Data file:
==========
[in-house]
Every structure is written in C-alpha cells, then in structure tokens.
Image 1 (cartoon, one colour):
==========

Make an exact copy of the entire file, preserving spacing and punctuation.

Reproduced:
[in-house]
Every structure is written in C-alpha cells, then in structure tokens.
Image 1 (cartoon, one colour):